Traveling regionally again, this time we ended up in the Upper Harz near Clausthal-Zellerfeld at the Prahljust campsite, where we not only wanted to explore the cycling and hiking trails of the Harz, but also specifically the water supply for driving water wheels to generate energy for the former wanted to take a look at the Upper Harz ore mines.
During previous stays we had already noticed the numerous water areas, which are smaller than the well-known reservoirs such as the Oker or Söse dams, but are much more numerous in the landscape.
The Pixhaier pond is right next to the Prahljust campsite
The Pixhaier Teich was built around 1647 as the Pixhaier Mühlenteich and its "dam wall" was raised at least once. It was also a mining pond from the start. Today it is 244 meters long and a maximum of 8.75 meters deep, storing up to 288,000 cubic meters of water.
About 25 meters from the airside embankment edge of the dam, a smaller dam runs parallel to the pond dam. This sealed off the so-called counterbalance. Open today, it used to dam the water discharged from the pond above the lowest-lying Striegel. In this way, it could be introduced into the ditch in a targeted manner. There are counterbalances of this type on numerous pond dams in the Upper Harz.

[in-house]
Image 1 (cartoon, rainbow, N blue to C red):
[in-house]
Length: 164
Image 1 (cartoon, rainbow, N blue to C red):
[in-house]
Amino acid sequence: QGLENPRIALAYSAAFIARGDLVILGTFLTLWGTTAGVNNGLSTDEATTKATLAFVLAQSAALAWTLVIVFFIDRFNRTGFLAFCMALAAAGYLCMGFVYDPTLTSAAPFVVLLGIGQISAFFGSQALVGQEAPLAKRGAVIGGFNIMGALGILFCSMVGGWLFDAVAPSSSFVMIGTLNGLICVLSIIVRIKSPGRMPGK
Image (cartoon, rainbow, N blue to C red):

Next to it is the Schwarzenbacher pond
The Schwarzenbacher pond was probably created at the beginning of the 17th century because it broke in July 1606, probably during the so-called first dam. The breach caused damage of 600 Malters of Roastwood and 18 Shocks of Driftwood. The dam was once raised, as evidenced by an outflow ditch that is still visible.
With a length of 140 meters and a maximum height of 7.40 meters, it now holds 174,000 cubic meters of water. The pond feeds the upper Rosenhöfer fall, the overflowing water flows through the lower Schwarzenbach watercourse into the so-called lower Rosenhöfer waterfall. Both falls are chains of watercourses that have replaced the Lower and Upper Rosenhöfer Kunstgraben to improve winter operations.
Water for storage also from collecting ditches
The reservoirs were originally built to store water to drive water wheels to supply energy to the Upper Harz ore mines. With these water wheels, the operation of the pumps, the conveyor systems, the stamp mills and from 1820 also the driving skills were ensured. The ponds initially obtained the water for storage from their natural catchment area, which was then often considerably enlarged by additional collecting ditches.
Today the ponds are operated for reasons of monument protection, landscape conservation, nature conservation and recreation. Some ponds are used for flood protection, some other ponds are used for drinking water production. The ponds are operated by the Harzwasserwerke, which also operate six modern dams in the Lower Saxony part of the Harz Mountains.
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